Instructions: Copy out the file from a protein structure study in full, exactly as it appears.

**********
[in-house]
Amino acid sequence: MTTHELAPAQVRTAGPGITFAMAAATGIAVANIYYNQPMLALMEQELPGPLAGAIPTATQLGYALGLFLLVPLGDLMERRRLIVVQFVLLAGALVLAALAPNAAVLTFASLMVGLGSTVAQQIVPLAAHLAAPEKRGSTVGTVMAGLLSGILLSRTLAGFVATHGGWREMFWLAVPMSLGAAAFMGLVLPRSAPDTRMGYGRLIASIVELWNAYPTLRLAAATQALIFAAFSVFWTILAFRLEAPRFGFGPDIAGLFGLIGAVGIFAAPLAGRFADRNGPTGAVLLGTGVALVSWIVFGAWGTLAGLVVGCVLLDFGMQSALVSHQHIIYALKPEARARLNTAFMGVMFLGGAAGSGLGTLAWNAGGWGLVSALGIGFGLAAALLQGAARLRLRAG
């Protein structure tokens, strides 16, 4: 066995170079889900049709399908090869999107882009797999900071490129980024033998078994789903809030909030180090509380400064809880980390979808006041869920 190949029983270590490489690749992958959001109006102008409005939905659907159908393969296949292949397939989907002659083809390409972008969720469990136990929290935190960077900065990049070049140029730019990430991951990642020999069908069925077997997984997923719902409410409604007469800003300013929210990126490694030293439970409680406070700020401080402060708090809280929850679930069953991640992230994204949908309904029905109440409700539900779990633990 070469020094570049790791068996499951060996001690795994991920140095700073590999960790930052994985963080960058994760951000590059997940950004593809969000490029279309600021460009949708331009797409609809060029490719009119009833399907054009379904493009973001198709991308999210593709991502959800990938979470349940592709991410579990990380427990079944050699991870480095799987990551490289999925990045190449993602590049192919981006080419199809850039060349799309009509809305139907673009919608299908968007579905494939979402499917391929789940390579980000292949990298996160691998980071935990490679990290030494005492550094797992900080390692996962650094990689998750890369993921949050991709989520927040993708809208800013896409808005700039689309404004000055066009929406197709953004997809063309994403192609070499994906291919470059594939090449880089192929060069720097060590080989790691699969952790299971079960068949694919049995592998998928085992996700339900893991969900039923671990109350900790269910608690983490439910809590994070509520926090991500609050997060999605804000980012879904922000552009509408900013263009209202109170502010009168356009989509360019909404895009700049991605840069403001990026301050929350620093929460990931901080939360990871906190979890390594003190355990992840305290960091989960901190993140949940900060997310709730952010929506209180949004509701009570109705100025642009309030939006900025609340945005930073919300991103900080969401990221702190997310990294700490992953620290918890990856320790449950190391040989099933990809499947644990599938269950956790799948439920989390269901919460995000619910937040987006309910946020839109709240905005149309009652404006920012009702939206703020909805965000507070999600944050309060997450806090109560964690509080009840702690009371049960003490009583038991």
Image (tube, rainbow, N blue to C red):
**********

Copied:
[in-house]
Amino acid sequence: MTTHELAPAQVRTAGPGITFAMAAATGIAVANIYYNQPMLALMEQELPGPLAGAIPTATQLGYALGLFLLVPLGDLMERRRLIVVQFVLLAGALVLAALAPNAAVLTFASLMVGLGSTVAQQIVPLAAHLAAPEKRGSTVGTVMAGLLSGILLSRTLAGFVATHGGWREMFWLAVPMSLGAAAFMGLVLPRSAPDTRMGYGRLIASIVELWNAYPTLRLAAATQALIFAAFSVFWTILAFRLEAPRFGFGPDIAGLFGLIGAVGIFAAPLAGRFADRNGPTGAVLLGTGVALVSWIVFGAWGTLAGLVVGCVLLDFGMQSALVSHQHIIYALKPEARARLNTAFMGVMFLGGAAGSGLGTLAWNAGGWGLVSALGIGFGLAAALLQGAARLRLRAG
């Protein structure tokens, strides 16, 4: 066995170079889900049709399908090869999107882009797999900071490129980024033998078994789903809030909030180090509380400064809880980390979808006041869920 190949029983270590490489690749992958959001109006102008409005939905659907159908393969296949292949397939989907002659083809390409972008969720469990136990929290935190960077900065990049070049140029730019990430991951990642020999069908069925077997997984997923719902409410409604007469800003300013929210990126490694030293439970409680406070700020401080402060708090809280929850679930069953991640992230994204949908309904029905109440409700539900779990633990 070469020094570049790791068996499951060996001690795994991920140095700073590999960790930052994985963080960058994760951000590059997940950004593809969000490029279309600021460009949708331009797409609809060029490719009119009833399907054009379904493009973001198709991308999210593709991502959800990938979470349940592709991410579990990380427990079944050699991870480095799987990551490289999925990045190449993602590049192919981006080419199809850039060349799309009509809305139907673009919608299908968007579905494939979402499917391929789940390579980000292949990298996160691998980071935990490679990290030494005492550094797992900080390692996962650094990689998750890369993921949050991709989520927040993708809208800013896409808005700039689309404004000055066009929406197709953004997809063309994403192609070499994906291919470059594939090449880089192929060069720097060590080989790691699969952790299971079960068949694919049995592998998928085992996700339900893991969900039923671990109350900790269910608690983490439910809590994070509520926090991500609050997060999605804000980012879904922000552009509408900013263009209202109170502010009168356009989509360019909404895009700049991605840069403001990026301050929350620093929460990931901080939360990871906190979890390594003190355990992840305290960091989960901190993140949940900060997310709730952010929506209180949004509701009570109705100025642009309030939006900025609340945005930073919300991103900080969401990221702190997310990294700490992953620290918890990856320790449950190391040989099933990809499947644990599938269950956790799948439920989390269901919460995000619910937040987006309910946020839109709240905005149309009652404006920012009702939206703020909805965000507070999600944050309060997450806090109560964690509080009840702690009371049960003490009583038991």
Image (tube, rainbow, N blue to C red):